A group of students at a middle and high school in East Jordan, Michigan didn’t like that their school runs on fossil fuels. Instead of just being sad about it, they decided to take matters into their own hands. The plan: to raise funds for the installation of a 30 kW solar system and learn from the process of getting it installed.
“East Jordan Middle/High School (EJMHS) largely relies on the burning of fossil fuels for its grid-supplied energy. This grid reliance presents negative financial and environmental consequences,” one of the school’s clubs said on their website. “However, there is a great opportunity to help lessen our dependence on the grid and positively impact our school and community.”
Just as a learning opportunity alone, this is a pretty good opportunity for the school’s students. Not only are they learning to complete a project, but they’re raising funds for it, making sure it gets done, and making sure the system is maintained through a dedicated club. The kids participating in this project will walk away with real-world experience relevant to participating in a business or a non-profit. Even if there were no environmental benefits, this would be a great thing for them.
Another thing the students are learning is that it’s not always easy to get things like this done. Many people like to think that just voting for the right people or giving a few bucks to the right cause will fix society’s problems. The reality is that it takes blood, sweat, and tears to make things happen (hopefully they’ll skip the blood on this one, but any project ends up using a few band-aids). By having a real appreciation of what it really takes to get things done, they won’t get discouraged as easily in their political and business endeavors when they grow up.
Just from the website alone, we can see that the students are not only serious about this, but have had some teachers and community professionals teaching them valuable skills. The website looks professional, does a great job of making the case for the project, and gives the site’s visitors ways they can really help get the project done.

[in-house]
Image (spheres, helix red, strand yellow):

We can also see that they’ve made a decent video making the case for the project. There were definitely some adults guiding the process here, but it’s better than the video journalism I was involved in during high school.
Why We Should Help Them Out
I know some readers might wonder why the school system itself doesn’t put the solar system up themselves, or why they can’t set up a power purchase agreement where the school pays another entity by the kilowatt-hour for the electricity. The fact is that East Jordan, Michigan is a small community pretty far north in the “mitt” of the state. Wikipedia puts the whole community’s population at under 2,500 and it’s clear from looking at the community on the map that they’re a somewhat isolated rural community.
The community isn’t even big enough to have a separate high school and middle school, so they’re definitely small and resource limited. Even with limited resources, the local community has already pitched in most of what they need, so the locals are committed to this beyond just putting up a YouTube video. The community seems to need just a little more help to get over the hump.
Even if the school could put up the solar system all by themselves, would the students get much in the way of education and experience doing that? Definitely not. By having the students take a hands-on approach, they’ll walk away with a lot of experience that I described further above.
Finally, I know that it’s tough to get at opportunities growing up in a small town, because I did that for most of my childhood. I was fortunate that my parents moved away to a better place where I had more educational opportunities after high school, but some friends I knew from where I grew up didn’t have those same chances. By helping these kids in a small town, we are doing a lot more than just giving them something to do. Some of them will go on to work in the renewable energy industry in a variety of roles, from rooftop to desktop. That alone is worth something.
If nothing else, it’s good to let our young renewable energy and cleantech allies in a small town know that we have their backs. Having a bunch of outsiders help get them past their goal will help the small town’s culture be a lot more friendly to renewable energy in the future. I don’t know if that was ever a problem in their town, but I know from experience that some small towns are like that.